Stalwart and sturdy, the tree’s trunk
is luminous in the late light,
standing before and against dark.
Its roots are burrowed deep into
the valley between the green hills
and dry, hidden, invisible.
The leaves cluster tightly, cling close
together, wondrous and wary.
The dry and the dark creep close, but
the leaves are not ready to fall.
Even broken, even shredded,
wounds can be woven into one,
something new, a form to be found.
This is the shape that suffering
takes and makes and shows
as it heals.
So many. So many. We are
not alone. We are together.
We are a forest in autumn,
full of ripe fruit, bright fruit, bright words
to carve the light, the light that carves
us. We are sharp, crisp with edges,
with wounds. We are soft, moist and warm
as if coming out of ovens,
out of caverns, weak with hunger,
fading, yes, but first, branches blaze.
Scrape the leftovers into a pan on the stove,
whatever was chilled in the fridge, crammed in cupboards,
canned or covered, not quite fresh but only newly
expired. Things others would throw away, broken tools,
laws, a person telling the right story at just
the wrong time. Call this truth. A bit of fajitas
with peppers and onion from the birthday party
two weeks back, a can of too spicy tomatoes,
the last can of sweet corn, yesterday’s rice still there
(forgotten in a pan on the stove overnight,
but only barely starting to turn sweet). This works.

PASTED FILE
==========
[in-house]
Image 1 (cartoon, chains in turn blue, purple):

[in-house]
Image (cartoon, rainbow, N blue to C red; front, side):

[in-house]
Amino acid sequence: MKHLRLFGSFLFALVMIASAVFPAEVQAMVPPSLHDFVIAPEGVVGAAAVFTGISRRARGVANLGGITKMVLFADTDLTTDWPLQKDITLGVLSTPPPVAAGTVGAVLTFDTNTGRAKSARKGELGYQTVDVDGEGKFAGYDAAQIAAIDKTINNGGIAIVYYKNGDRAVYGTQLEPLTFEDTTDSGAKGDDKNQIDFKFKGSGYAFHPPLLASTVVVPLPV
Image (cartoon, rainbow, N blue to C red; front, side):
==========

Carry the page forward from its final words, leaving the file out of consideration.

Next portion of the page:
Cook it all again, hot, really hot, and simmer
long enough to kill off the early signs of rot.
I was raised to save what’s still useful, and so, here,
we are not throwing anything out, not tonight.
When life is too black to play the hap-hap-happy
jester, it’s tilt-your-fedora time. Where’s Hyde Park,
where’s “la Rue Mouffetard”? Time to lounge under lamplight
or a fan, at least, in this solemn sweatbox town,
sin city, hidden city, dark city. What kind
of city is it? The kind where “They say it’s your
birthday” gets bellowed out on Facebook, and Facebook
denizens bellow back (not at all concerned with
the shadow behind the curtain, the sooty shoes
poking out from under the bed). It’s never time,
never the right time. The beat bumps, heart pumps. Beatles
scream, “We’re gonna have a good time!” but the screaming
isn’t at all convincing. There’s a sweetheart there,
somewhere, whispering, “Well, Happy Birthday to you.”
Posted in Sonnets